Hello, readers…this is the first in a series of educational blogs, intended to provide guidance and context to the business community and technology service organizations on the growing demand for CPA-provided reporting on business process and IT controls that manage and process critical – and often very sensitive – information belonging to others.

Some background about SOC and SSAE 16

First, let’s set the stage with a little background.  Service Organizations are companies that perform certain tasks or functions for other companies (“user entities”).  Essentially, these are the companies that we use to “outsource” work that we choose not to perform internally.  However, with each “outsourced” task or function, we increase the risk that the Service Organization may not perform the task with the same degree of accuracy and integrity that we would perform if we kept it internally.  Service Organizations understand that the user entities need to obtain assurances; however, the burden of answering questionnaires or participating in site audits from each of their customers can negatively impact their ability to function at a desired level both operationally and financially. In response to these risks and the Service Organizations’ desire to respond without succumbing to a never ending “audit”, the AICPA established specific auditing standards and guidelines which allow Service Organizations to engage a CPA firm to perform an audit of their service(s) and provide them with an Audit Report that can be distributed to the users.  The audit report is designed to provide pertinent information related to the service provided, as well as provide evidence verified by the audit firm that the controls the Service Organization has implemented are performed consistently and accurately.  As you should expect, undertaking an audit of this magnitude is not a task to be taken lightly nor without adequate preparation. Without proper preparation and readiness activities, a Service Organization can experience disastrous and costly results – including possible loss of prospective or active customers.  This series is intended to help you understand how to get ready for the SOC Audit (which also includes reporting under what’s termed “SSAE 16”) so that you can achieve success the first time and every time there after.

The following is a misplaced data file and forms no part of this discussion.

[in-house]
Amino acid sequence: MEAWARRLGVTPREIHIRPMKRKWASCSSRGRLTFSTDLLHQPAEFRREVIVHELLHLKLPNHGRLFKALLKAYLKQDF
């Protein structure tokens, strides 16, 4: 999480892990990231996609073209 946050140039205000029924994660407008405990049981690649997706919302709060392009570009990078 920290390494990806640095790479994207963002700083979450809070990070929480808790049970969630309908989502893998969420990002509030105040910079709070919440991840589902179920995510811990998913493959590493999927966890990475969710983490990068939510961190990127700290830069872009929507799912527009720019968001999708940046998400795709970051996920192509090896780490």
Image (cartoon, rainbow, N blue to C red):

SOC – if it applies- are you “ready”?

“SOC Readiness Assessment?”  I know.  Assessment is a dreaded word along with audit, inspection, review, and half-a-dozen other similar words that we all like to avoid!  However, in this blog series, we’re going to explore how to an Assessment can be a very positive thing for your business. Over the next several months, we’re going to dive head first into the SOC world.  Whoops, there’s the first question.  What’s SOC?  SOC stands for Service Organization Controls.  Don’t worry if this still doesn’t mean all that much to you.  I promise that it will by the time this series of blogs ends. Now that we have a better understanding of Service Organizations, here’s a taste of what we’ll be discussing in our future blogs:

  1. SOC Primer – How do we know if we even need a SOC or SSAE16 audit?
  2. SOC Primer – SOC1, SOC2, SOC3, Type1, Type 2… Which is right for us?
  3. SOC Primer – What’s a Control Matrix?
  4. SOC Readiness – Critical Success Factors to Achieve
  5. SOC Readiness – Timelines, general path
  6. SOC Readiness – Impact on Internal Resources
  7. SOC Readiness – Self-service or using Consultants
  8. SOC Readiness – Pitfalls to avoid
  9. SOC Readiness – Impact of  Sub-Service Organizations, Inclusive vs Carve-outs

Closing

I look forward to beginning our journey together next time. See you in early August.

Lynn McIntier, Sr. Manager
Business Risk and Technology Services SingerLewak, LLP